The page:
Just like so many others, the plastic molding industry is feeling the effects of supply chain bottlenecks, shortages, and rising costs of gasoline, products, and tools.
According to a post on the Kearney organization’s website, nearly every sector connected with post-COVID reopening saw price increases across the board.
The trend continues well into 2022, as we are seeing gas prices at more than $5 a gallon, supply chain bottlenecks, grocery prices skyrocketing, and more.
As noted in the post, shortages are due to a “misalignment of supply and demand” that began with the pandemic. During that time of greater online transactions and stay-at-home orders, the economy experienced unusual patterns. And the ripple waves continue.
“This resulting misalignment of supply and demand (led to) shortages of basic manufacturing inputs from plastic resins and lumber to semiconductors, copper, and steel, with associated transportation glitches and rising prices for inputs and finished products. The by-product: a sudden and sustained jump in inflation between March and June 2021 to more than 5 percent year-over-year,” it states.
The supply chain industry continues to suffer, which may be impacting your manufacturing facility. For example, a late 2021 winter freeze in Texas triggered global shortages of resins for plastics production.
Inflation impacts industries that rely on one another; if a shipper must spend more on gasoline to get plastics to a manufacturer, that manufacturer might be forced to increase prices for businesses that are integrating the plastics, and the businesses must increase prices for the consumers who will ultimately use them.
Thinking Outside of the Box
All of this combined has affected the plastics industry and manufacturers, which means creating innovative ways to deal with inflation and shortages is essential.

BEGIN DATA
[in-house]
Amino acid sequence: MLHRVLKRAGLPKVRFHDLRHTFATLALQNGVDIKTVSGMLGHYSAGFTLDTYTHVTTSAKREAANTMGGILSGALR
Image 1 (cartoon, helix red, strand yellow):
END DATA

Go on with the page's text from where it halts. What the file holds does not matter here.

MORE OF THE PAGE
Businesses may be able to minimize at least some of the effects of inflation by doing the following:
1. Enhance financial transparency within the company.
Use digital financial tools to track every expense, allowing any key stakeholders to make decisions about what’s important and what’s not.
2. Think outside of the box.
Businesses may feel the need to remain with the status quo – but that’s not always the case. If possible, consider other sources for your needs. Compare this concept to buying brand vs. generic products at the grocery store. Does a different product offer the same results? Will a different brand work just as well as the more expensive one you’re using now? As long as you’re not burning bridges with vendors or suppliers, considering other solutions may help you eliminate unnecessary expenses.
3. Differentiate between strategic and non-strategic spending.
As noted on the Harvard Business Review’s website, make sure expenses are expenses for good reason. Prioritize higher ROI investments. Smart investment decisions could improve a company’s financial strategy and enable it to compete with competitors.
4. Reduce expenses – but keep your team intact.
Keeping people employed will only help to stabilize or improve the economy, and it will also encourage businesses to work with you and employees to work for you. That being said, consider combing through your expenses to see where harmless cuts could be made.
5. Work smarter.
Perform a key performance indicator analysis of your team members’ workdays. (Include the managers in this KPI analysis!)
- How much progress is everyone making on a daily basis?
- Do they take unnecessary steps to complete a task?
- Are they more suitable for a different type of job within your organization?
- If two people are doing multiple tasks, would it make the workday flow more seamlessly if each person completes only one of those tasks?
Optimizing work processes can help cut down on unnecessary expenses in hourly pay and tools or supplies needed to complete the work.
6. Take advantage of plastic recycling.
Are there any areas where you can use recycled plastic (which may be less expensive than virgin plastic)? Many organizations focus on innovative uses of plastics, and you may be able to do so as well if you are not already.
Tailoring these suggestions to meet the needs of your plastic manufacturing company may help you stabilize income and expenses. You may also be able to modernize processes to keep up with trends. Workplace processes don’t seem to be reverting to pre-pandemic times anytime soon.
Read Kearney’s full report here.